by Christopher D. Howe
From a regulatory standpoint, it is impractical and often impossible to hold existing buildings to the same standard as new buildings. However, renovation projects can trigger requirements for substantial life-safety, accessibility, and energy performance improvements to existing buildings. When planning a renovation project it is important to determine early in the process the degree of code compliance that will be required. This article focuses on some of the common circumstances under which the greatest degree of building code, accessibility, and energy code compliance would be required.
Building code: The ability of occupants to exit the building safely is of the utmost importance. Therefore, the Massachusetts State Building Code requires, above all, that the proper number of means of egress be provided, that the means of egress be of the proper width, and that they be provided with appropriate exit signage and emergency lighting. The degree to which other upgrades will be required is dependent on the type and scope of construction planned.
Changes in occupancy generally trigger the greatest scope of code requirements. A proposed change of occupancy that would result in a substantial increase in the number of occupants (occupant load), in a substantial increase in the amount of combustible materials present, and/or introduces occupants that are incapable of evacuating the building without assistance will trigger the highest degree of code compliance. Upgrades to the existing structural system, fire protection systems, interior finishes, and upgrades to the arrangement and enclosure of means of egress may all be required.
A change of occupancy from an office use (business occupancy) to retail (mercantile occupancy) is an example of a change of occupancy that results in an increase in both the occupant load and the amount of combustible materials that are likely to be present. A change of occupancy to an Institutional occupancy (health care facilities for example) would introduce occupants that are incapable of evacuating without assistance.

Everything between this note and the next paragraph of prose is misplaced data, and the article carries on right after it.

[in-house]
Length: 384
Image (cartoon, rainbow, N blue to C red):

In projects where there is no change of occupancy, the proposed renovation of a portion of the building that is equal to, or greater than 50% of the total building area will require the highest degree of code compliance.
Accessibility: The degree of accessibility compliance required is established based on the cost of construction in relation to the “full and fair cash value” of the building. If construction costs equal or exceed 30% of the “full and fair cash value” of the building, the entire building must be brought into compliance with the accessibility requirements of the Massachusetts Architectural Access Board. Upgrades to parking, building access, elevators, and restroom facilities are among the most common requirements.
Following are two key points to keep in mind when determining the degree of compliance required:
The value of all work completed within a 36 month period must be considered; and, depending on the municipality, the assessed value of the building may, or may not represent the “full and fair cash value” of the building.
Energy code: The energy code requires the greatest degree of compliance when the building is changed in a way that results in a significant increase in the demand for energy. For example: the conversion of a warehouse to office space would likely result in a greater energy demand, and would be subject to a range of energy code requirements.
Energy code compliance is also required when the nature of the proposed work is such that there is the opportunity to upgrade the building without resulting in a disproportionate increase in construction cost. For example, if the proposed scope of work will expose existing uninsulated exterior wall cavities, insulation is required to be added to those cavities.
The code provisions applicable to existing buildings are complex, and in many cases there are multiple options for compliance/approval. The building code itself contains three distinct methods for establishing the degree of code compliance required in existing buildings. In those circumstances where code compliance is impractical or impossible, there are two additional options: the submission of compliance alternatives to the local building official, or application for a variance from the Building Code Board of Appeals. Your architect and / or code consultant can assist you in evaluating the existing building and the proposed scope of work, determining the applicable code requirements, and developing the best course of action.
Christopher is a principal at CDHA Consulting